Tutorials Legacy ▶ Hands On

Android themes and stylesThe Android SDK comes complete with impressive options to customise the appearance of its standard UI components. This technique can give your applications a polished and professional look without having to rely on custom drawing code. Your app can be instantly skinned with a makeover which changes every part of its appearance. This isn't just for cosmetic reasons either - skinning can greatly assist internationalisation, or how about support for high-contrast UI's for the visually impaired.

All this is achieved using Androids Themes component - it's explained in detail by Google here. This article gives a quick feel for the powerful Themes techniques Android provides, with a few tips on real-world use along the way.

Why Bother with Themes?

Using themes allows a developer to concentrate on the raw functionality of the application being written using the standard components in the Android tool kit. The content of the themes and styles are nicely separated from the functional part of the application - this allows us to create a library of themes that can be easily applied to any part of an application. In the same way a theme created for one application can be used without much modification on another application, which enables a uniform look and style across a suite of applications.

One alternative to using themes would be to subclass views to modify the look of the components by substituting drawing code and attributes - an approach often used in other mobile development environments. Another approach would be to insert the attributes such as colours and images into the layouts directly. There are a good number of reasons why this solution begins to break down as the application becomes more complex. Using themes addresses all of these concerns.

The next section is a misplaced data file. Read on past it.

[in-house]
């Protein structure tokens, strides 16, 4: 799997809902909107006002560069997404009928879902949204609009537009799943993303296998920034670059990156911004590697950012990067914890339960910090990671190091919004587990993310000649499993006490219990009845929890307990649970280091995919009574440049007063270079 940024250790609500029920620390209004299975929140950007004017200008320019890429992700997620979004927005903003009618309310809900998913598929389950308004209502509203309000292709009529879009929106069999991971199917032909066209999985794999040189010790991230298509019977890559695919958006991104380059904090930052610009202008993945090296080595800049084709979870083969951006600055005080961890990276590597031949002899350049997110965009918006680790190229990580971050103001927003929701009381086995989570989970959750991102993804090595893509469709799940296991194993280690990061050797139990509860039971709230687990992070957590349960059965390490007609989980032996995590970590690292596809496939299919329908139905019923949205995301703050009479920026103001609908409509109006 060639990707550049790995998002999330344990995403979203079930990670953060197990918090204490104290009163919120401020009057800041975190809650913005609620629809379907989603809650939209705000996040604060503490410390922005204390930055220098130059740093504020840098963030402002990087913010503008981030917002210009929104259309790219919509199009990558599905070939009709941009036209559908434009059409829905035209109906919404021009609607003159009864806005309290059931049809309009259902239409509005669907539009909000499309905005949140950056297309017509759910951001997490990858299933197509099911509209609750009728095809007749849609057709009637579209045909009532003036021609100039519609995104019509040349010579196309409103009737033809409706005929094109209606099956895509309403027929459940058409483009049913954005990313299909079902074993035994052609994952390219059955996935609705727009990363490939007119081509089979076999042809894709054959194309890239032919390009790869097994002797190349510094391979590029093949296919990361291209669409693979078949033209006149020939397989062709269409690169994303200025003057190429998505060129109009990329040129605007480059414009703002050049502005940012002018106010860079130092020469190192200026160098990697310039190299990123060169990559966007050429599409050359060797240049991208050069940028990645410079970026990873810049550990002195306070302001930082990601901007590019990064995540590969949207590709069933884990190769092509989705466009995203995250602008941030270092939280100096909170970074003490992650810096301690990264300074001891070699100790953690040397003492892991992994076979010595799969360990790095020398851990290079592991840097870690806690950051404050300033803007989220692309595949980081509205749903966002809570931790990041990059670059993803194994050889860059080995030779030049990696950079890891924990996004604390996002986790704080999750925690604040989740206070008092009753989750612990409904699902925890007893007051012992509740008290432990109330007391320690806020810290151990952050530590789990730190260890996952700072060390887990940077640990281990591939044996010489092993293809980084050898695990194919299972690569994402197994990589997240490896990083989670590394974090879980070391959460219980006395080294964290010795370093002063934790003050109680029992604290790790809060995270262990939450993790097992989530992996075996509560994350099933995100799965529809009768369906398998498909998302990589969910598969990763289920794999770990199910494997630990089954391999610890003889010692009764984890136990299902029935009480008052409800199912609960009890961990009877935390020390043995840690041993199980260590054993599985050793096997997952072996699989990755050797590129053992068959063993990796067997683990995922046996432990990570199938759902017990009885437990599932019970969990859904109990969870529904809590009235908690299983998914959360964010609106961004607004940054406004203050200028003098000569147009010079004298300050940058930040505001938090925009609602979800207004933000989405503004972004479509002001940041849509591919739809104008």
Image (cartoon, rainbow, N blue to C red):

• Using themes means that wherever possible the UI is drawn using the built in components. This is good because then we don't need to worry about the forward compatibility issues that you would with custom drawing code. It reduces then amount of code required and the library code will invariably be better written and optimised.
  • Each time a new look and feel needs to be applied to an application themes allow you to do so by just supplying a new theme rather than branching the code (either layout or Java code)
  • If you're lucky enough to get input from a graphic designer, when she tells you to turn you layout on its head you can do so without touching any of your precious application code. Making changes to the style components is fast, safe and in the same language as the creative types speak in.
  • Localisation of style resources becomes much easier using themes, its possible to dynamically change images with language and orientation of shadows, rather than having to use separate builds for different countries

There is a little overhead in using themes in that it requires some thought as to the structure of the applications layouts to allow the theme to be applied and it can be a little difficult to work out where the resources for a particular component as there are a few layers of indirection to go through before you get to the content of the theme, but the advantages of using themes very quickly compensate for these small inconveniences.